Ruth made a fresh pot of tea as the morning merged with the afternoon, and brought out some sandwiches and biscuits. This was unexpected news indeed. Her youngest, her baby, was going to the other side of the world to live. Somehow she had to accept this new reality and not show any sign of the sinking feeling in her heart as she did so.
It was close to 1 o’clock when April finally got up to leave. She hugged her mum for longer than usual as they said goodbye at the door.
“Thank you, Mum. You’ve always told me to have courage and follow my dreams. I really appreciate and value your support. You’re the best!” April kissed her mother on the cheek and hopped into her car.
Her mother waved from the front porch as her daughter drove away, window down, waving back with a big smile on her face.
Ruth walked slowly back into the morning room and sank into her chair by the window. She just sat and stared, not actually seeing anything, for several minutes. Then the tears came. The house suddenly seemed empty and lifeless, like all the oxygen had been sucked out of it and she began to shiver as her thoughts tumbled around in her mind.
She knew her daughter’s heart was set on this adventure, this new life in Australia. April had her whole wonderful life ahead of her and Ruth was determined she was not going to stand in April’s way. But she was also adjusting to the fact that she herself didn’t have long to live. The doctors reckoned about six to eight months considering the aggressive nature of the disease.
Ruth’s mind was racing. She closed her eyes and folded her hands and prayed a silent prayer, committing her daughter into the hands of God. Only He could bring them both the comfort they would need in the months ahead.
Suddenly, the telephone rang on the table beside her chair, jolting her out of the swirl of thoughts. It was April. She was phoning from work.
“Mum, I am so sorry but in all the excitement about my big news, I forgot to ask you how your visit to the doctor went yesterday. What did the blood tests show up? Anything?”
Ruth paused, taking a deep breath. She needed a few seconds to compose herself before giving her daughter an answer. Surprisingly, she felt quite calm.
“Oh, thank you for remembering, that’s sweet of you. Now, let me think. Dr. Kirkland just said I was tired all the time because of my age and suggested a sleep aid medication to help me get the rest I need. He wants to monitor me to keep an eye on things, you know. Nothing to worry about. I’ll see you on Thursday as planned?” Ruth swallowed hard to make sure her emotions stayed in check.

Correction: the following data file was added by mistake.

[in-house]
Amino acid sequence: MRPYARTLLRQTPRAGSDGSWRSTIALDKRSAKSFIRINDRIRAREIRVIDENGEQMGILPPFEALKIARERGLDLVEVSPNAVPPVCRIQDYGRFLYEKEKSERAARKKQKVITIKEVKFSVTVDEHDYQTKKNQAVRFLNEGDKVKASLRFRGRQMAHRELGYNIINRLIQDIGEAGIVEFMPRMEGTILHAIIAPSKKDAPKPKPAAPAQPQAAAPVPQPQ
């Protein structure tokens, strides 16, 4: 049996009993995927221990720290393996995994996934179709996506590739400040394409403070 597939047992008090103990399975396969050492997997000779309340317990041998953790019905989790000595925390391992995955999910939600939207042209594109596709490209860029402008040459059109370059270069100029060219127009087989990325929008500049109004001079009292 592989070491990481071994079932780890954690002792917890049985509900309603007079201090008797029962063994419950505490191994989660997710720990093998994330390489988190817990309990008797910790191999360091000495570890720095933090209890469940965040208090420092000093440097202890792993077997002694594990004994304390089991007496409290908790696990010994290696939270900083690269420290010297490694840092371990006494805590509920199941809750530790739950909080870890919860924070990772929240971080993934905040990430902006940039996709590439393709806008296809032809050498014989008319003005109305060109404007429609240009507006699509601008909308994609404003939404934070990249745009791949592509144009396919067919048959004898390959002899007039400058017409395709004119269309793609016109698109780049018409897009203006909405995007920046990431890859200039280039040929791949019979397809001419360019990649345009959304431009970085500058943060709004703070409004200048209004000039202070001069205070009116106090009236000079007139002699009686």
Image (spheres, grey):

“That’s great news, Mum! I’m pleased for you that it was nothing serious. I’ll be round on Thursday for tea and sarnies as usual then. ‘Bye for now!”
Ruth rested the receiver back in its place. She sat in silence for a long time. Ruth realized she had an important decision to make about what the next few months of her life were going to look like. Then it came to her so clearly. Ruth decided that she was going to invest her remaining strength into helping April pack up her house and prepare for the big move to Australia. She would live out the rest of her life as if she had never received the doctor’s diagnosis yesterday. Only she and Dr. Kirkland would know about it.
Ruth smiled. She felt like a weight had been lifted and a comforting peace came over her like a warm blanket. She had not experienced anything like it for a long time. Suddenly she knew that everything was going to work out just the way it was supposed to.
Ruth got up, still smiling, and made her way to the kitchen to make herself a cup of tea.
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Wow I could relate to this story having been part of a diaspora under similar circumstances. The Englishness tone of the story resonated with me as well as the stoicism of an older generation. Thank you I enjoyed the read.
Oh my goodness! I really enjoyed this story. You had me from the first word! I could relate to the emotion of a child moving far away to start a new life. You are really torn between supporting them or letting them know that you are upset by the move. Ruth's illness and her willingness to keep it a secret so her daughter could do her thing was beautiful. You were truly able to capture the loving relationship between mother and daughter. I am really looking forward to reading more of your work!
Thank you so much Rebecca for your encouragement. I pictured my mum's house in the north of England as the setting for the story. It's fiction, of course, but my lovely mum died of cancer in 2012 so there's a thread of truth in it. She always said she would never hold me back in life too. And she never did. Blessings, Gillian
So sorry for your loss. But your mom sounds like she was a very special lady!